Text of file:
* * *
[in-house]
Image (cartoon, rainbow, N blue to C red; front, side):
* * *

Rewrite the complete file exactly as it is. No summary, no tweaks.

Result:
[in-house]
Image (cartoon, rainbow, N blue to C red; front, side):